Recently I volunteered to take on the role of Liaison for the University of North Florida Mathematics Department in addition to my current responsibilities with the College of Computing Engineering and Construction). I’ve always loved Math and my time in the Six Sigma program only deepened my affection for the field. As a librarian, though, I have found the role to be challenging. Being good at math and studying or researching Mathematics are two completely different things. What do Math faculty, students and researchers want? Getting an answer to that is rarely as simple as asking the question. You have to build a relationship with faculty who are focused on their classes and their research far more than on library collection development and rightfully so. After months of trying to meet with Mathematics through their Faculty meeting, I was approached by Mahbubur Rahman, Associate Professor of Mathematics, to discuss the needs of the faculty and students of Math.

Dr. Rahman, who is teaching Ordinary Differential Equations (MAP2302) and Linear Algebra (MAS 3105) this Spring, is clearly passionate about Applied Mathematics. He shared a list of databases and books that he and his fellow faculty beleived were critical to the academic development of their students. He mentioned that he had sent students to look for these titles and was told that they were not in the Library. In some cases they were correct. In others, they were not.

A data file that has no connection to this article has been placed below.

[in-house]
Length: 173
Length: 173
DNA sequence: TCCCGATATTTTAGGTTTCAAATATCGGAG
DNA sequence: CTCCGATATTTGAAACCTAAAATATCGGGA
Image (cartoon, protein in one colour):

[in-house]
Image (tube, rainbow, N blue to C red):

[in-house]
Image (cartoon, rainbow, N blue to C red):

As with any request from faculty, I shared Dr. Rahman’s list with Robb Waltner, our Head of Acquisitions. Robb investigated the books and journals and produced three very useful reports. The first report showed that some of the requested items are, in fact, available from our library. It also showed the coverage dates and sources for the journals. The second report showed Library resources for Mathematics that were underutilized. Underutilized journals are resources that have a very high cost/use ratio relative to the cost of interlibrary loan. These journals could be considered for cancellation in order to pay for the requested titles. The third report showed all of the Math ejournals in our A-Z list. These were fantastic resources to share with the Math Faculty with one caveat. The list of resources had not been de-duplicated. That meant receiving a 2300 line list showing eJournals availability through as many as 15 different sources. As a rule, we don’t share documents like this because they can be hard to navigate and they also beg the question, “Why do we buy the same resource so many times?”. Of course any Librarian familiar with eResource acquisitions understands that we have little choice in the matter. While it may be possible to buy only what we need on a title-by-title basis, it would cost far more than simply buying large packages that may include duplicate content. Another reason for duplication is that some titles included in the packages are free or open journals and, so, everyone includes them.